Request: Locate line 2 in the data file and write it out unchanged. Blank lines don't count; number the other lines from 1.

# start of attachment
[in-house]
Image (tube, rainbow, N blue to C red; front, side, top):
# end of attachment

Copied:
Image (tube, rainbow, N blue to C red; front, side, top):